I live with a Catholic and a Protestant.
This may seem underwhelming to most, but in Northern Ireland, it could mean everything. It could mean cold stares. It could mean the end of a friendship before it even begins. It could mean war. And indeed, between 1968 and 1998, it did. Nearly 20 years after the signing of the Good Friday Agreement, which ended the spectacularly violent conflict, communal divisions still exist largely along religious, political, and cultural lines—denominational terms "Protestant" and "Catholic" are still regularly (and respectively) conflated with political terms "unionist" and "nationalist" or "British" and "Irish." However, religion is the single most salient difference, deriving intensity from its overlapping with political, social, and cultural divides.
Several months ago, I had an interesting conversation with a Catholic boy and a Protestant boy in my flat, both of whom vociferously insisted that they can identify a person’s religion simply by his or her appearance. In the words of the Protestant boy:
"If he’s wearing O’Neill’s shorts, or a Gaelic Athletic Association (GAA) shirt, he’s definitely Catholic. Catholics are also the people who don’t come out on the Twelfth of July [which celebrates the victory of Protestant King William of Orange over Catholic King James II]. But my dad swears he can tell a Catholic just by looking into his eyes."
In response, the Catholic boy promptly asserted that “Prods usually have sallow skin and wear rugby stuff.” When I explained I still couldn’t tell the difference, I was greeted with loud scoffs and the claim that it “takes years of experience,” which apparently I sorely lacked.
What stood out to me was the fact that the religious divide had less to do with doctrinal differences than political and cultural divides. Catholics and Protestants tend to play different sports, with the former playing Gaelic football (which is of Irish origin) and the latter playing rugby (a popular sport in England). Moreover, Catholic towns tend to fly the Irish tri-color, while Protestant towns fly the Union Jack. In a fascinating expression of religious division, a city in Northern Ireland has a contested name to this day—Derry/Londonderry. Catholics choose to call it Derry, while Protestants choose to call it Londonderry, exemplifying the political divide in Northern Ireland as well. While listening to the boys discuss religion, not once did differences such as the Bible they read or their religious rituals in church come up.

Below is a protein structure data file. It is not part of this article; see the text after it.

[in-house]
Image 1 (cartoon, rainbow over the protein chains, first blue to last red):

I’ve now lived in Belfast for five months, and I still can’t tell the difference between a Catholic and a Protestant. In fact, daily expressions of religion are few to none, and religious tensions don’t appear to affect social interactions between students at Queen’s University. However, one would expect tensions to grow when considering the fact that the Catholic population has grown exponentially from a small minority to 45 percent of the population in Northern Ireland, and many expect them to dwarf the Protestant community by the time of the next census in 2021. The playing field has been leveled, and yet, there are signs that religion is not quite as critical a factor as it once might have been. Despite the growing Catholic population, a BBC poll showed that only 25 percent of Catholics support reunification with the Catholic Republic of Ireland. As the political and religious spheres drift apart, is it possible that one’s religious identity might grow increasingly insignificant?
The Protestant boy identifies as Northern Irish, and the Catholic boy identifies as Irish, but if the changing religious climate amongst the students at the university is anything to go by, the political identities might soon become the more salient form. The deepest division is shifting and maybe soon, the two boys will be discussing what makes a person unionist or nationalist, rather than Protestant or Catholic. The theological and doctrinal differences are marginal, which makes the departure of religion from the primary debate likely and necessary. With Brexit talks in progress and nationalists clamoring to reunify with Ireland as a means of staying in the European Union, the question of identities in Northern Ireland is crucial to its eventual status as either a British or an Irish state. As these events unfold, it will be interesting to note the primary line along which people will choose to mobilize, keeping in mind that the tendency of identities to reinforce each other will almost always prove to be devastating for this tragically beautiful province.